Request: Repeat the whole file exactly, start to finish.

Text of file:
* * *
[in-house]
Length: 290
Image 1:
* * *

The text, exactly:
[in-house]
Length: 290
Image 1: